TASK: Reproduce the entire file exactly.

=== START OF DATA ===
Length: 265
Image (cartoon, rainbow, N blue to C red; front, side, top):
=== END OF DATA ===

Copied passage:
Length: 265
Image (cartoon, rainbow, N blue to C red; front, side, top):